True Catholic News

In Today's Catholic World News Blog

Image of Pope Innocent XI


(Question received 26.03.2013 17.51):


"Hi, what would you say against the SSPX argument about French Mason Talleyrand who ordained Bishops later accepted as valid by Rome?" 

(Answer): Hello. First off, the Hierarchy of the Catholic Church, now in exile, says Marcel Lefebvre never was validly ordained a priest and continuing in the long-standing tradition of the Church, repeated, "one must first be a priest before they can be a made a bishop". It follows then, that all his attempted ordinations/consecrations never occurred. They are 100% null, void, and worthless.

Regarding your question about Talleyrand the following information drawn from various sources, including the Catholic Research Center located near Tampa, FL - addresses your inquiry in detail.


The Papal Restoration Staff


      " ... unlike Liénart, Talleyrand left us written evidence of his intention."

This question (on the validity of Lefebvre's orders) is perhaps too much to contemplate for those

who have pinned all their hopes on Marcel Lefebvre and his “society” of “priests” who have come on the scene with great fanfare as the saviors of the remnant faithful, amid a cleverly orchestrated media campaign, prepared by the Church’s adversaries. If such a grim scenario seems too horrible to be allowed by God, consider this: Pope Leo XIII declared Anglican Orders invalid because of defective intention, 350 years after introduction by the Church of England. Millions of souls over many generations were adversely affected before Rome rendered a definitive judgment in the matter.


Likewise, priestly ordinations which have been attempted with the counter-church’s “reformed” ordination rite, (a near carbon-copy of the Anglican rite) in use today, will surely come under a sweeping declaration of nullity by the true Catholic Church in a future, saner day (They have 100% indeed -ED of TCW). But in the meantime, the Lefebvre “Society” continues to recognize the priestly orders of the counterfeit “Catholic” church, even to the point of incorporating into some of its

chapels, “priests” ordained in the Novus Ordo rite, without even going through the motions of “correcting” these ordinations.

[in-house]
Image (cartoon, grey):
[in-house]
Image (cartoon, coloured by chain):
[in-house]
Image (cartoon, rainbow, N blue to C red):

Lefebvre’s apologists contend that because the Church has always accepted the orders conferred by the Freemason Talleyrand, then those of Liénart (see exposure of Liénart's Freemasonry) must also be acknowledged. But this is false, as can be easily demonstrated. Talleyrand, was consecrated bishop of Autun, France, in 1789, the same year as the French Revolution. He initially opposed the revolt because it had “dismembered France,” but two years later, he capitulated to the democratic movement, and publicly endorsed the revolutionary civil constitution of the clergy, which led to the forfeiture of his see in 1791, and excommunication by Rome, later lifted because of his deathbed contrition.

Talleyrand, who is also alleged to have entered the lower echelons of Freemasony, had consecrated several bishops, which nevertheless were recognized by the Vatican. Neither before nor after his own consecration, was there evidence that Talleyrand sought to carry out a masquerade in episcopal robes while plotting the overthrow of the Church, as his actions were out in the open and were motivated by mere expediency. Rather than a dedicated covert agent for the Church’s enemies, Talleyrand was a consummate opportunist who changed hats as it suited his political ambitions, only to recant his errors on his deathbed. His tenure as a functioning bishop lasted just two years, allowing time only for an apprentice’s introduction to Freemasonry, before he consecrated any bishops. Thus the bishops consecrated by Talleyrand and his co-consecrators (who were not Freemasons), were rightly presumed valid, and legitimately ordained as priests years before, since no outward appearances of priestly deficiencies were ever attributed to them that would suggest otherwise." ...


Noted Theologian Augustin Lehmkuhl: "The Fabricius Case"